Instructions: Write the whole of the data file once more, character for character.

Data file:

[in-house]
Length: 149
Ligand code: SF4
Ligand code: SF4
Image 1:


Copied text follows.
[in-house]
Length: 149
Ligand code: SF4
Ligand code: SF4
Image 1: